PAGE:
“Six years after decommissioning USS Enterprise, the world’s first nuclear-powered aircraft carrier, the U.S. Navy is still figuring out how to safely dismantle the ship,” reports Popular Mechanics. schwit1 tipped us off to their report:
The General Accounting Office estimates the cost of taking apart the vessel and sending the reactors to a nuclear waste storage facility at up to $1.5 billion, or about one-eighth the cost of a brand-new aircraft carrier.
The USS Enterprise was commissioned in 1961 to be the centerpiece of a nuclear-powered carrier task force, Task Force One, that could sail around the world without refueling…. The Navy decommissioned Enterprise in 2012 and removed the fuel from the eight Westinghouse A2W nuclear reactors in 2013. The plan was to scrap the ship and remove the reactors, transporting them by barge from Puget Sound Naval Base down the Washington Coast and up the Columbia River, then trucking them to the Department of Energyâ(TM)s Hanford Site for permanent storage. However, after decommissioning the cost of disposing of the 93,000-ton ship soared from an estimated $500-$750 million to more than a billion dollars. This caused the Navy to put a pause on disposal while it sought out cheaper options. Today the stripped-down hull of the Enterprise sits in Newport News, Virginia awaiting its fate.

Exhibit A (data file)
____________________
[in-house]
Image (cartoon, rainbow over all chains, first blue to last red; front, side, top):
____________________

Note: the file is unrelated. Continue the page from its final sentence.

“Although the Navy believes disposing of the reactors will be fairly straightforward, no one has dismantled a nuclear-powered carrier before…
“Whatever the Navy ends up doing, this will only be the first of many nuclear-powered carrier disposals.”
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